Insight into JS trends

JavaScript ecosystem survey concludes React is the most popular framework

Sarah Schlothauer
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The “Enterprise JavaScript in 2019” survey by npm reveals some trends for the JavaScript community. This year, respondents report that they want to learn WebAssembly, they are concerned about open source code security, and much more. Find out the key takeaways and see what’s expected for the years ahead.

How does the JavaScript community fare in 2019? Results from npm’s annual JavaScript ecosystem survey reveal developers’ use cases, methodologies, and opinions about the programming language. The important takeaways divulge several noteworthy trends and changes from previous years.

JavaScript’s usage and popularity continues, as evident in the TIOBE Index and the Pluralsight 2018 Tech Index. Despite its controversial love/hate relationship (66.8% of respondents in the StackOverflow 2019 survey loved JS, whereas 33.2% dreaded it), the language and its community remain widespread. According to npm’s survey, the language claims 11 million users and still “growing fast”.

This year, the survey received over 30,000 respondents, more than doubling the amount from last year. Respondents from a total of 194 countries answered 54 (optional) questions. (See further information about the methodology here.)

Leading JavaScript tech

2019’s results show that it’s a banner year for React.

63% of respondents report that they write React code. (In addition, 15% of respondents do not currently use React, but are considering it. 21% of respondents do not use React and are not considering it.) Of the 57% who write React code, 49% primarily write it. The results from npm claim that React is “more than twice as popular as the next-biggest framework, Angular”.

(Compare these results to Ionic’s 2018 survey which crowned Angular as the most used JS framework for development work. However, this may because of React’s more common use in the enterprise, as mentioned by a report from CloudAcademy in March 2019.)

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Serverless and containers are leading methods for deploying JavaScript.

56% of respondents deploy JS with containers (such as Kubernetes), while 33% are using a serverless technique. Most developers answered that they use multiple methods for deployment, however container tech was the most popular single method.

Future plans

TypeScript also gains some ground in the community, with 62% of npm users reporting that they write TypeScript. 15% of users do not write TypeScript themselves, but use third-party libraries that use TypeScript (such as Angular).

As far as what to consider next, GraphQL and WebAssembly is on the radar. 49% of respondents are considering using GraphQL, despite only 7% of respondents frequently using it.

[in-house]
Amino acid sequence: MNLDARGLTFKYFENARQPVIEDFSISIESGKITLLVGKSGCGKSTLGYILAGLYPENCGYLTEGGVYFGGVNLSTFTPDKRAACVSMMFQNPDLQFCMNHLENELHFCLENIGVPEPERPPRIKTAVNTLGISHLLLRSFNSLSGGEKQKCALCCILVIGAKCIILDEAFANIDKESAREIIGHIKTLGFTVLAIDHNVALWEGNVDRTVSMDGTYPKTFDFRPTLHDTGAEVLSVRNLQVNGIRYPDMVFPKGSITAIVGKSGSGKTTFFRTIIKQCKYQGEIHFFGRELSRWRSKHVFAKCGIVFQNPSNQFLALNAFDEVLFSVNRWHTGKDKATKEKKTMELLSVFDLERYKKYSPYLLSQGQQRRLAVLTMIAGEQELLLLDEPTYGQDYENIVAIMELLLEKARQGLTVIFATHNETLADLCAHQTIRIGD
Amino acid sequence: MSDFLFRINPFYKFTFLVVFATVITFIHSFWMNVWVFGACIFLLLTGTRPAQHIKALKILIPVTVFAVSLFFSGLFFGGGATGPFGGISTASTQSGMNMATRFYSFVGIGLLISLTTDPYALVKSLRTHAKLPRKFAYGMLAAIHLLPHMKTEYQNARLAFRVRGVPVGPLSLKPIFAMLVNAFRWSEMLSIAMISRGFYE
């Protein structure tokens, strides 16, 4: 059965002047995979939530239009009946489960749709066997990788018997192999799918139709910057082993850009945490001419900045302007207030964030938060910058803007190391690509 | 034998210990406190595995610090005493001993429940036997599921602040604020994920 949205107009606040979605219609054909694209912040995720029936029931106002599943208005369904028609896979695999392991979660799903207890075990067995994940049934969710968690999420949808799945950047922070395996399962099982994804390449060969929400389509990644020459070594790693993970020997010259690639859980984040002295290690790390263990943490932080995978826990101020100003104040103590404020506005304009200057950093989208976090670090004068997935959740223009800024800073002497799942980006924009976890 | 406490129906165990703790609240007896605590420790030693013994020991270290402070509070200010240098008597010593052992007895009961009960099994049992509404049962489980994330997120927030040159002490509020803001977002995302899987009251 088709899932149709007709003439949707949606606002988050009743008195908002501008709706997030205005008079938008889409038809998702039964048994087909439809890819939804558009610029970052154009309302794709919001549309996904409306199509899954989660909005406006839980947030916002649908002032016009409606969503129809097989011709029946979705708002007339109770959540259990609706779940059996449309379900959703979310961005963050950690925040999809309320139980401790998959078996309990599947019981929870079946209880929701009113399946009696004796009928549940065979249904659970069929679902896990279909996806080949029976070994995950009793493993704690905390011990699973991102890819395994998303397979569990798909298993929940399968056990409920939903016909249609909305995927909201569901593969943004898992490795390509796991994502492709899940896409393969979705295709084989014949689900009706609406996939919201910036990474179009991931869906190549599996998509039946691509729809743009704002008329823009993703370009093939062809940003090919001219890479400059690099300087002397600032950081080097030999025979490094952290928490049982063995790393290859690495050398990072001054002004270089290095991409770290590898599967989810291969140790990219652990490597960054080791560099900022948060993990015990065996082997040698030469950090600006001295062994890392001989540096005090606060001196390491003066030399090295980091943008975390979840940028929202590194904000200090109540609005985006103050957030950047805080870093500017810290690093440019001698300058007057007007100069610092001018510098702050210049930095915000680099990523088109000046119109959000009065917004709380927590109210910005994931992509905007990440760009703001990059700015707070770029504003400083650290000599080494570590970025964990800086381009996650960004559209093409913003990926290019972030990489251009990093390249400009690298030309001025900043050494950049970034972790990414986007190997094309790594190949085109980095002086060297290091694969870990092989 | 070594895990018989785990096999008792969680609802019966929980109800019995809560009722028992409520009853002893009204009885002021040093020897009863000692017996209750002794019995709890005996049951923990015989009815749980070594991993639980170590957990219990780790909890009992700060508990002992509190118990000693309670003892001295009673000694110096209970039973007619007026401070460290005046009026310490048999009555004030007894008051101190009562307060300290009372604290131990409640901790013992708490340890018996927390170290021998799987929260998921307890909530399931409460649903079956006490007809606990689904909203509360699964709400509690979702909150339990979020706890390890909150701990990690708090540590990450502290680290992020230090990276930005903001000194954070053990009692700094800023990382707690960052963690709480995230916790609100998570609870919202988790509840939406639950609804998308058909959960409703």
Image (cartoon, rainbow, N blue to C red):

When asked if they have heard of WebAssembly, 54% of respondents said that they are interesting in using WebAssembly, compared to only 3% who are using it. From this data, npm suggests it foreshadows “a very strong sign for WebAssembly’s adoption in 2019 and beyond”. Since WASM is still a fairly recent tech, time will tell how its mainstream adoption plays out.

Open source challenges

According to the survey results, 83% of developers are concerned about the security of open source code. This is up from last year’s results of 77%.

In order to secure this code, most developers (76%) use code review. This year, nearly half of respondents use automatic code scanning tools. 23% of respondents do not use any method to ensure code security.

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Meanwhile, the report also found that licensing is a major decision factor in what packages developers use.

A huge 58% of npm users said that the license of a package impacts their decision to use it, indicating that the compliance issue is of concern to a much greater portion of our user base than we expected…55% of developers who care about licensing are prohibited from using certain licenses by their companies.

Unrecognized licenses and code without a license were the two most common licenses that developers were preventing from using. GPL and AGPL also provoked some concern, with a respective 43% and 34% of developers unable to use packages under these licenses.

As for future surveys, npm states that they will be sending up follow-ups to a number of respondents in specific groups to learn more.

Sarah Schlothauer

Sarah Schlothauer

All Posts by Sarah Schlothauer

Sarah Schlothauer is the editor for She received her Bachelor's degree from Monmouth University, West Long Branch, New Jersey. She currently lives in Frankfurt, Germany with her husband and cat where she enjoys reading, writing, and medieval reenactment. She is also the editor for Conditio Humana, an online magazine about ethics, AI, and technology.

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3 years ago

Small font size on your website

Reddensoft Infotech
Reddensoft Infotech
2 years ago

It is a nice post. We have been using typescript for many years. I do agree to reactjs is a popular framework and without any modifications React is really fast as-is. There are, however, a few things that you can do to improve performance. There are other frameworks who are battling hard though along with react js.